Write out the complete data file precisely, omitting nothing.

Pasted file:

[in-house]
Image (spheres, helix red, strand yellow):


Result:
[in-house]
Image (spheres, helix red, strand yellow):